Doom for health insurers?

I wanted to do a very quick update on my article of two weeks ago when I talked about the health insurance industry.

This new article in FierceHealthPayer newsletter even more strongly reiterates the points made in that earlier article. Professor Jeffrey Pfeffer of Stanford University predicts “doom” for the health insurance industry. He believes that industry after industry from travel to publishing to finance have removed the intermediaries or “middlemen”. He thinks the health industry is on its way toward removing third-party payers—the middlemen—because they are so bloated and costly.

If the traditional business model for health insurers is following the dinosaurs, what’s the alternative? Pfeffer pointed to Kaiser Permanente, a healthcare provider that combines care delivery and insurance under one roof without a separate insurance middleman. This model saves money and lowers rates, Pfeffer wrote. As cost containment pressures build and more healthcare systems embrace “Kaiser-fication,” those who rely on intermediaries will find themselves at a competitive disadvantage, Pfeffer argued.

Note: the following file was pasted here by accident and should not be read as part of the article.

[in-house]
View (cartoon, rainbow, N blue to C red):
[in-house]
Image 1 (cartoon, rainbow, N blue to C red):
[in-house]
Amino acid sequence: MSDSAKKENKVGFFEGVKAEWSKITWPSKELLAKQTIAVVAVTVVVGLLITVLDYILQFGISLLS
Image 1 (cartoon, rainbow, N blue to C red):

What is your take on this? Is it good for the healthcare industry to move away from third-party payers like insurance carriers? Where would behavioral healthcare providers wind up in such a change? How does the private practitioner continue to function? What happens to CMHCs?

Please share your comments below.

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